Wednesday, December 06, 2006

Good hunting

How things change. A mere 17 years ago today, I was a little into my third year at school – Class 3’s room on the ground floor of the main building, just a stone’s throw from the chapel.

At the end of each day, I’d run the mile-or-so to St Denys station and just catch the earlier train home. It wasn’t so much that I wanted to be home earlier, or just not to hang around in the dark for the later train. The earlier one also featured real, live girls from the schools in the centre of town.

They must have been impressed by the itchingly nervous, spotty, lanky boy in his fetching brown blazer with gold braid. Especially if I wasn’t shutting up about Dr Who or comics.

Would have got home and eaten and then settled down to watch episode 3 of “Survival”. Even then, Dr Who was a guilty pleasure – a video of “Brain of Morbius” had proven it wasn’t as good as it used to be, and the schoolmates who dared watch the new stuff spoke of it only in whispers.

But “Survival” seemed like something else, strange and new and amazing. Ace, played by Sophie Aldred, is turning into a wild cat lady, egged on by cat lady Kara (Lisa Bowerman). The Doctor (Sylvester McCoy) pursues Ace, hoping to coax her from the lusty desires to do nothing but fight and feast.

It all ties in to script editor Andrew Cartmel’s efforts to develop Ace’s character, and grow her up on screen. Gary Gillatt has also pointed out how similar the feel and locations and emotional depth are to the first new episode, “Rose”.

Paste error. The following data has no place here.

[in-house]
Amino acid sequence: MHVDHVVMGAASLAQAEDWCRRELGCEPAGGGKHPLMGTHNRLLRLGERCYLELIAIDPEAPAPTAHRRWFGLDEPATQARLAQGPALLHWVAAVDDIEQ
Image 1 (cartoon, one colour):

Yes, the effects are a bit wobbly, the animatronic cats and the Cheetah People make-up are a bit crude, and there’s a rather odd bit when the Doctor plays chicken on a motorbike.

Yet sun-drenched and bright from a mid-summer filming, the coloured-in skies of the Cheetah People’s world are actually rather epic. Anthony Ainley gives his best and most scary performance of the Master, and gives Sylvester something to step up to. Their final confrontation is played as a stand off between two small gods.

Rona Munro’s clever script is also crammed with stuff that my 13 year-old brain was only just starting to notice. There’s this slow-motion sequence of Ace running after Kara...

And at the end Ace has left home – “home” is now the TARDIS, and she and the Doctor walk off to thrilling new adventures, just as the Beeb pulled the plug. (I didn’t know that until a year later, when I started getting DWM.)

But the oddest thing about all this remembrance is that on the same day, Codename Moose would have been eight.

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